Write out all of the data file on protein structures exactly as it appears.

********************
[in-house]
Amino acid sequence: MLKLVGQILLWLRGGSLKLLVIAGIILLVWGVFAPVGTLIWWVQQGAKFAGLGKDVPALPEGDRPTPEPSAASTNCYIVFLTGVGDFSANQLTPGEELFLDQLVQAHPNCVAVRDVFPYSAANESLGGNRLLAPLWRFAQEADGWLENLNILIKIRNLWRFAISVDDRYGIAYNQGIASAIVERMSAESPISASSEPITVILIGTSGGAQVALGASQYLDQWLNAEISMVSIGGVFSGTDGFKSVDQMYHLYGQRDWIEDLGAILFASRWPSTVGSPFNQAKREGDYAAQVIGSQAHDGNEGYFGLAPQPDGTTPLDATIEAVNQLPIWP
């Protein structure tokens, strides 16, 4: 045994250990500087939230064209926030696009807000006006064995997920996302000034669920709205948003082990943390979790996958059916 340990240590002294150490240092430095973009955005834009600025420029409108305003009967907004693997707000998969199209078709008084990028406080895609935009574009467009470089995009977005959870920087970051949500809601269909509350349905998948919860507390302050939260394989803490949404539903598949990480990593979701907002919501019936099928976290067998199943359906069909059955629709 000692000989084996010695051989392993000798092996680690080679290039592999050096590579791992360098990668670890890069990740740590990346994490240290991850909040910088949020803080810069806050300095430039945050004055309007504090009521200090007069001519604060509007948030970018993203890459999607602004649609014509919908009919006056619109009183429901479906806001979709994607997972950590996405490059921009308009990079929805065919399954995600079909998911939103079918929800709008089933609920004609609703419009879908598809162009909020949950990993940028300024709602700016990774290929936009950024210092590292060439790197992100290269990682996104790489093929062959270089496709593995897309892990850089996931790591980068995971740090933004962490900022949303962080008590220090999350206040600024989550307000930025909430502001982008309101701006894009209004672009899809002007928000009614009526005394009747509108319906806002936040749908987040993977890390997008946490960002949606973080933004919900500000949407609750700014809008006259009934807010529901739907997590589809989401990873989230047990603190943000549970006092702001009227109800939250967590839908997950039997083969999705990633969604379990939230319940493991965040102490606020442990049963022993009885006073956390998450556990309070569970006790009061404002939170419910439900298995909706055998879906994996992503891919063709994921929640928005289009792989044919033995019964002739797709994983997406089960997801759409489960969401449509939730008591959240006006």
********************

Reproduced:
[in-house]
Amino acid sequence: MLKLVGQILLWLRGGSLKLLVIAGIILLVWGVFAPVGTLIWWVQQGAKFAGLGKDVPALPEGDRPTPEPSAASTNCYIVFLTGVGDFSANQLTPGEELFLDQLVQAHPNCVAVRDVFPYSAANESLGGNRLLAPLWRFAQEADGWLENLNILIKIRNLWRFAISVDDRYGIAYNQGIASAIVERMSAESPISASSEPITVILIGTSGGAQVALGASQYLDQWLNAEISMVSIGGVFSGTDGFKSVDQMYHLYGQRDWIEDLGAILFASRWPSTVGSPFNQAKREGDYAAQVIGSQAHDGNEGYFGLAPQPDGTTPLDATIEAVNQLPIWP
């Protein structure tokens, strides 16, 4: 045994250990500087939230064209926030696009807000006006064995997920996302000034669920709205948003082990943390979790996958059916 340990240590002294150490240092430095973009955005834009600025420029409108305003009967907004693997707000998969199209078709008084990028406080895609935009574009467009470089995009977005959870920087970051949500809601269909509350349905998948919860507390302050939260394989803490949404539903598949990480990593979701907002919501019936099928976290067998199943359906069909059955629709 000692000989084996010695051989392993000798092996680690080679290039592999050096590579791992360098990668670890890069990740740590990346994490240290991850909040910088949020803080810069806050300095430039945050004055309007504090009521200090007069001519604060509007948030970018993203890459999607602004649609014509919908009919006056619109009183429901479906806001979709994607997972950590996405490059921009308009990079929805065919399954995600079909998911939103079918929800709008089933609920004609609703419009879908598809162009909020949950990993940028300024709602700016990774290929936009950024210092590292060439790197992100290269990682996104790489093929062959270089496709593995897309892990850089996931790591980068995971740090933004962490900022949303962080008590220090999350206040600024989550307000930025909430502001982008309101701006894009209004672009899809002007928000009614009526005394009747509108319906806002936040749908987040993977890390997008946490960002949606973080933004919900500000949407609750700014809008006259009934807010529901739907997590589809989401990873989230047990603190943000549970006092702001009227109800939250967590839908997950039997083969999705990633969604379990939230319940493991965040102490606020442990049963022993009885006073956390998450556990309070569970006790009061404002939170419910439900298995909706055998879906994996992503891919063709994921929640928005289009792989044919033995019964002739797709994983997406089960997801759409489960969401449509939730008591959240006006």